Miguel Cabrera has a serious alcohol problem and I don’t think that the Tigers are properly handling this issue.

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  4. Drew says:

    I have issues with the characterization of 2B here. The AL Central avg 2B (O-Cab, Aviles, Beckham, Getz) is projected to hit .267/.321/.372 by Bill James, while Rhymes is projected at .276/.326/.356. Granted, the central is not deep at 2B, but it feels pretty plausible that Rhymes, one of the best contact hitters in the league (93% Contact rate in 2010) could be a division average hitter with average fielding – that doesn’t feel like ‘are you kidding me??!?!?!” material…

    Additionally, it is likely that Rhymes is the worst hitter that will play 2B for the Tigers this year, as Guillen and, yes, Sizemore are likely to get ABs as well. They’d do nothing but push the Tigers production from this position further above average imho.

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  5. brett says:

    I hate to say it but Leyland will give Brennan Boesch every chance to start over Rayburn. I think we’re looking at a platoon in left and maybe another season of 400 PAs for Raburn. Please convince me that I’m wrong.

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  6. durf81 says:

    It will be interesting to see what percent V-Mart plays C vs. DH/1B. His value mostly comes if he’s playing C.

    To me, Scherzer is the key player for the Tigers in 2011. If he can put in a full good year, that puts a lot less pressure on 3, 4, 5 guys.

    If everyone can stay healthy, I see the Tigers being a huge presence for the AL Central crown. Health was the downfall for the 2010 Tigers though.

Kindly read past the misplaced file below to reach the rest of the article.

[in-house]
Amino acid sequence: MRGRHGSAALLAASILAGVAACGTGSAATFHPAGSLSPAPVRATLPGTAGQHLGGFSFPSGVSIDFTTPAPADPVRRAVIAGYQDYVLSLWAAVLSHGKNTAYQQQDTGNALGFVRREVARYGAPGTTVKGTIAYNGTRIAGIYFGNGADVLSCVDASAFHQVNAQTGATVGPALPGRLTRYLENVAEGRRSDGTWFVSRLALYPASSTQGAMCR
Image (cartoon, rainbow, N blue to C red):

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  7. Cloud Computer says:

    Good write up – not sure about the opening though… I wouldn’t say it seems like the tigers are old every year. Verlander, Scherzer, Porcello and Coke are all relatively young. Jackson, Avila and Sizemore (the actual 2b) are all very young. Cabrera is in his prime. Thats half the team under 30.

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  8. Sox27 says:

    As an outside observer that doesn’t see this team everyday, I have serious questions about this team defensively. The prospect of Ordonez in RF, Perralta at SS, Cabrera at 1B, and potentially Guillen seeing time in the OF or 2B would be a little too much for my taste. They do have a strong mix of strikeout pitchers, but my gut tells me the team defense will haunt them in the end.

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    • Sox27 says:

      With all that being said, I still expect a 3 team dogfight until August.

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    • Chris says:

      Detroit’s defense is certainly a question mark, but I think it is a little overblown. Peralta doesn’t have great range, but he has a solid glove and a pretty accurate arm. Ordonez offers a similar profile in RF: limited range, but he gets good reads and he gets to more balls that you’d expect. And Cabrera is actually a decent 1B, but he’s still learning the position and is prone to range too far or make bad decisions throwing the ball.

      I’m actually more worried about Raburn in Left, and whomever they end up playing at 2B – Rhymes and Sizemore are below-average defenders, and Guillen is brutal.

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    • RPS says:

      As a Tigers fan, I can say with some certainty that Ordonez and Cabrera are better defensively than the numbers would have you believe. Neither is great, but neither is hurting you.

      Raburn in left is a bad fielder with a ton of upside. He has all the speed he needs, and a great arm, but he’s prone to making ridiculous reads and flat-out dropping the ball. If they actually give him left to solely focus on, he may well be good.

      Sizemore and Peralta, on the other hand, are going to make Rick Porcello regret his choice of career.

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  9. Oakland Dan says:

    This is a .500 team. Not sure why everyone seems to think it’s a contender. It’s optimistic to expect Porcello to be a league average pitcher, let alone a star. He can’t put hitters away. Sure, he might be league average, but I’d bet against it, especially with this defense, which is another thing being overrated here. Cabrera, Ordonez, Raburn, and Peralta are bad, Inge, though still good, is getting worse, and Avila is only okay. Rhymes is also just okay, but Sizemore and Guillen are both below average second basemen.